During a two-day working tour of the Baltic nations, President Volodymyr Zelensky addressed local media in a press conference outlining current opportunities and challenges facing Ukraine in wartime, the strength of international partnerships and the urgent need for more military hardware to fend off Russian attacks.

Here are ten key takeaways.

  • The importance of reform

The Ukrainian president described how implementing reform is not simply a task “that comes from somewhere above… from the International Monetary Fund or the EU.” He emphasized the longitudinal nature of the process and that “the development of a person, a state, a society… is impossible without reform.”

  • Ukraine’s fight against corruption

Zelensky acknowledged public demand for cleaning up Ukraine’s record on corruption, but appeared to admit that progress is slow going.


“No one is going to forgive anyone or anything. This is also a challenge – to clean up everything as much as possible [and] to get away from bureaucracy. Courts also need to be reset. Such processes have begun in Ukraine, but so far there are not many of them,” he conceded.

  • Cyber security

The president explained how, even amidst full-scale war, his country has shown itself to be at the cutting edge of cyber security.

“At the beginning of the war, our websites were hacked… But we were able to protect and restore it. Today… everything works – the banking system, all state websites and services.”

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  • Energy autonomy

Zelensky touched on Ukraine’s proactive approach to social infrastructure and energy autonomy during the press conference.

“Schools, universities, hospitals are now autonomous in terms of energy due to the war and due to blackouts. But we understand that there should [also] be energy autonomy of private institutions and businesses, as well as safety for children in terms of air-raid shelters,” he said.

  • Defense sector reform

According to the president, 2024 will see partnership efforts focused on securing more productive work and a push towards self-sufficiency in the defense arena to stave off Russian aggression.


“We in Europe – from west to east, from north to south – need much more productive work from the defense sectors of our states,” he argued. “Europe must learn to be self-sufficient in its defense. Russia only understands strength. And we all need that kind of strength in Europe.”

  • Reducing bureaucracy

Whilst Ukraine has been a beacon for digitization, Zelensky acknowledged existing high levels of bureaucracy.

“We understand that [state] institutions are bloated, that the Cabinet of Ministers is bloated… It is very difficult to head, in general, such a large ‘machine.’ And today, thanks to digitalization, it is possible to do things easier,” he said.

  • Ukraine-NATO Council

Ukraine’s president made the point that the Ukraine-NATO Council is “functioning” and “a good instrument” launched following the July 2023 Vilnius Summit.

“I’ve seen how quickly we can organize partners, meet at the level of defense ministers, at the level of foreign ministers.” Zelensky said with respect to the effectiveness of the format in solving important issues of state.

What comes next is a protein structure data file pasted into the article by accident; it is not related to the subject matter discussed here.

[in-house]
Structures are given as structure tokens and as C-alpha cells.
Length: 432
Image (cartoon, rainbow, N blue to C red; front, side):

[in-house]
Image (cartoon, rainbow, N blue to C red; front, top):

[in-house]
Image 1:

• Security commitments for Ukraine

Additionally, Zelensky explained that work has begun on building security commitments in accordance with the Joint Declaration adopted by the G7 and Ukraine following the NATO summit in Vilnius.

He said that such commitments include not only the provision of weapons, but also financial, IT and cyber support, and are a step along Ukraine's path to becoming part of the security alliance.

“We have started work on security commitments. It’s not easy, but in the near future I think we will be able to show the public – not only the Ukrainian public – a first draft… I think the assessment will be positive,” the president said.

He added that Kyiv expects “a real step from NATO countries to bring Ukraine closer to the Alliance.”

  • US aid for Ukraine

Zelensky revealed that most US aid earmarked for Ukraine currently remains in the US.

"More than 70 percent remains in the United States,” he said. “The people who have helped us know this. Weapons are not free, and US enterprises have received money.”

Zelensky was also asked to comment on a statement made by Republican Governor of Florida Ron DeSantis that US taxpayers' money was going to pensions for Ukrainians.

“You can say that we defend democracy together, and then say ‘we cannot give money to the military because we are a NATO country so cannot support the war’. DeSantis is a young man and he apparently does not understand what it means to support pensioners during the war. When DeSantis is a pensioner and we win this war, I will help him with gratitude because the United States helped our pensioners,” the president said.

  • Strengthening Ukraine’s air defenses

Among Ukraine's urgent weapons needs, Zelensky singled out air defense systems.

“I am grateful to all the partners who have given us the opportunity to fight for our lives and survive. This includes the Patriot, Nasams, Iris-T systems and many others that help in any way. But if we are talking about serious missile strikes… 200 strikes on the heads of children, civilians, military… it is impossible to survive here without the Patriot,” Zelensky made clear.

According to the president, if seven Patriot systems had been provided to Ukraine, lives could have been saved in Kharkiv, Kherson and Odesa.

“Is it possible to live with this comfortably? Well, I will say frankly… I do not understand this.”

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